Sonata for Cello and Piano "Master and Margarita"

This Sonata for Cello and Piano by Bern Herbolsheimer is based on Mikhail Bulgakov's novel The Master and Margarita, which is considered by many as the best literary work of the 20the century. This book was not allowed to be published by the USSR censorship for many years due to its veiled criticism of the Russia's Soviet-era government.
Bern Herbolsheimer took four scenes from the novel for the movements of his sonata.
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I. Passio Secundum Pontio Pilato
Cello, Piano
The first movement of his sonata Bern describes as “Passio secundum Pontio Pilato” - Pontius Pilate’s version of the Passion of Christ. In the book Pontius Pilate has an excruciating headache while he needs to make the decision of sending to death a man who he believes may be innocent. Pontius torn between what he feels is the right thing to do (free the man) and the responsibility to uphold Roman and local laws. When the decision if finally made, and there is nothing can be done to change it, the movement is concluding with a peaceful, Bach-like chorale which is a harmonization of Pilate’s tormented theme.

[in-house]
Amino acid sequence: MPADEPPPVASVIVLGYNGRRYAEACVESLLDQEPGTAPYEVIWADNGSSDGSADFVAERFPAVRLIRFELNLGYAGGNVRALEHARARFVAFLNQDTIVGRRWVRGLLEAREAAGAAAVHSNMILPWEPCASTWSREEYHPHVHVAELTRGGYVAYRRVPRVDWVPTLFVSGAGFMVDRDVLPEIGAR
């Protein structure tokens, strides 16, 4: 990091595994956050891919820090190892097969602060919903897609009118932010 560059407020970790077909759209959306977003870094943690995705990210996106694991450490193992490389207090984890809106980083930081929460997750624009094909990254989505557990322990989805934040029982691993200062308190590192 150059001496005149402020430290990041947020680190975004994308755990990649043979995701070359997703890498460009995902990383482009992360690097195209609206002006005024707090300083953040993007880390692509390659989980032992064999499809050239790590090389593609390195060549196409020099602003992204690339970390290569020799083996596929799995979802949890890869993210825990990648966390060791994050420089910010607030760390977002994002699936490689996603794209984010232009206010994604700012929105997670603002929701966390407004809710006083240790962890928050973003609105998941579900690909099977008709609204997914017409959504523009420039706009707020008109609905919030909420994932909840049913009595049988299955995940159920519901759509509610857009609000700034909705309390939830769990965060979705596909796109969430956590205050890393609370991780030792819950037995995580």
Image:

II. Queen Margot's Ride
Cello, Piano
Queen Margot’s Flight - Margarita flies high over the Russian landscape before appearing as queen of the yearly ball given by Satan and attended by history’s most infamous evil and condemned. All those guests at the ball committed horrible crimes during their lifetime that made them go to hell. They all are dead of course and come to life only one night a year by the Satan's magic to attend this ball.
III. Love Song of Master and Margarita
Cello, Piano
This movement portrays the depth, passion, difficulty and eternal qualities of their love. The lovers cannot be together until Satan visiting Moscow unites them in eternal bliss.
IV. Black Magic at the Variety Theater
Cello, Piano
Black Magic at the Variety Theater - Satan’s nefarious, frowsy and foxy gang of hooligans present an outrageous magic show which makes victims of the corrupt and greedy audience.